I’m a member of the NONFICTION NINJAS – seven authors who specialize in writing nonfiction for children. We post writing tips on our blog. There you can also find posts from our annual NF Fest, held in February. I encourage you to read them all! Here are links to my posts:
See how I organize my research notes to facilitate my thinking and writing.
TIMELINES AS RESEARCH TOOLS
See how the humble timeline can be a mighty research and writing tool.
Revising can be agonizing, exhilarating, or anything in between! However it feels, it’s a huge part of making our work ready for publication. I share tips on revision from nonfiction mentors. (Click here for a pdf with links.)
PONDER, WRESTLE, AND RUMINATE
Keep your research from being overwhelming by reflecting on smaller chunks along the way. How? Take notes, re-process, ask questions, transcribe, and discuss with others.
Make your nonfiction project powerful by finding the human element and connecting the topic to readers’ lives.
Sidebars can be fun–and challenging to write. I share tips on making the most of sidebars.
ENDINGS THAT IMPACT
Wondering how to craft an ending for your work-in-progress? This blog post offers some ideas to consider.
EXPERIMENTING WITH MULTIPLE OPENINGS
I experiment with writing multiple openings to figure out how to approach a chapter, article, or story. As an example, I give five openings I brainstormed for a work-in-progress.
OUTLINES – WHAT ELSE ARE THEY GOOD FOR?
I describe four ways that outlines help me after a manuscript is written:
- revising a manuscript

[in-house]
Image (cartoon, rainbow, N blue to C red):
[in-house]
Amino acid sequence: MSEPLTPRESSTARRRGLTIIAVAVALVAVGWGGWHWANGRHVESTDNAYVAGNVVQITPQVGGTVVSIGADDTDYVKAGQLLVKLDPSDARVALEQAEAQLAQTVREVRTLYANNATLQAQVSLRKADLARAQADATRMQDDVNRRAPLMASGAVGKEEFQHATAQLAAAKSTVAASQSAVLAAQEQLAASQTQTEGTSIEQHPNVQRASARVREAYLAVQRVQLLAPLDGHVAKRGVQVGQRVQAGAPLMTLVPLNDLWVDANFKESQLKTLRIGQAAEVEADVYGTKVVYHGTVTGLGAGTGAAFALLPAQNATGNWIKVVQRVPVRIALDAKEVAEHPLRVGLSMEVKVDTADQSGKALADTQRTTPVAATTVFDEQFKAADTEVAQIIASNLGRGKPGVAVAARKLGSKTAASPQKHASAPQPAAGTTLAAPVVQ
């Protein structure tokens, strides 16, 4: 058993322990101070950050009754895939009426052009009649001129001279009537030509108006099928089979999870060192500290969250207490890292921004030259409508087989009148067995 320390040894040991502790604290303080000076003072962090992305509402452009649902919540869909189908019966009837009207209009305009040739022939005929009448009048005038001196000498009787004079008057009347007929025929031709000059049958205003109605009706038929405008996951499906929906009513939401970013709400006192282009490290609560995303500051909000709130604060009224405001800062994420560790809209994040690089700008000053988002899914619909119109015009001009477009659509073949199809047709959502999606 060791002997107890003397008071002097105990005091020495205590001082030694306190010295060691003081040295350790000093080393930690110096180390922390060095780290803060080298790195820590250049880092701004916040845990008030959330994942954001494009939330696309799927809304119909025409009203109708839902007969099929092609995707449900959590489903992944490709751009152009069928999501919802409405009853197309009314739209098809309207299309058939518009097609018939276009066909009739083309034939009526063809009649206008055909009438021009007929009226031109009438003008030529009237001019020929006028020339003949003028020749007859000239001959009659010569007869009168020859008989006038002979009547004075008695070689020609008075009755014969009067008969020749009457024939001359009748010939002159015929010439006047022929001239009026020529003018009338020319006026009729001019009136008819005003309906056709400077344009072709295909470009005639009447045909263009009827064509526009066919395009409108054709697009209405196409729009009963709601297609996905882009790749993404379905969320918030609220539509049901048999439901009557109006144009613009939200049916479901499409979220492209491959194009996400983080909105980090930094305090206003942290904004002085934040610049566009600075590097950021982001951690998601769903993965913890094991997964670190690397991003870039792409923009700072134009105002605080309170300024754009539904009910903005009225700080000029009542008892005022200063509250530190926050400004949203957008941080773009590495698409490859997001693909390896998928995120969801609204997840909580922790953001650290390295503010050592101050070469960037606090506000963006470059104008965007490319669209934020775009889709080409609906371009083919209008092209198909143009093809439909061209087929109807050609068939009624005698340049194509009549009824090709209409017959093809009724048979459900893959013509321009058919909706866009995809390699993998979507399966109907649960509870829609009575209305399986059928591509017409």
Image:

- critiquing others’ manuscripts
- studying mentor texts
- restructuring a text
TALES OF PERSEVERANCE
Find out what ten authors say were challenges they faced in creating their books.
This blogpost explains how nonfiction books benefit from an overall driving question.
ON WRITING STRENGTHS
How does considering our writing strengths help us choose projects we really enjoy?
INSPIRATION FROM MUSEUMS
Find out why visiting museums can spark great ideas for writing nonfiction.
Short periods of writing time can be productive when you focus on small, specific tasks. What kinds of tasks work well for short bursts of writing energy?
Here are some of my earlier blogposts:
Anticipating readers’ questions helps me in writing nonfiction. I give an example of questions for Chapter 2 of the book that I thought readers would want answered.
A JOURNEY THROUGH TIME (“Author’s Note” from the book)
An insatiable curiosity led me to search for everything I could find related to Mawangdui. But how could I shape what I’d discovered into a book? Aha – as a time capsule . . .
I share four lessons I learned during the 14-year process of writing the book:
- choose a topic big enough to sustain your interest
- do your homework
- know why you’re writing the book
- be tenacious
Writing the book involved a personal journey of becoming connected to my Chinese ancestors. I describe how performing rituals to honor my ancestors at their graves helped me understand why Lady Dai’s family constructed such an elaborate tomb for her (and vice versa).